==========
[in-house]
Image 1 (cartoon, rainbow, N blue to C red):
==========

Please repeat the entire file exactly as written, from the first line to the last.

[in-house]
Image 1 (cartoon, rainbow, N blue to C red):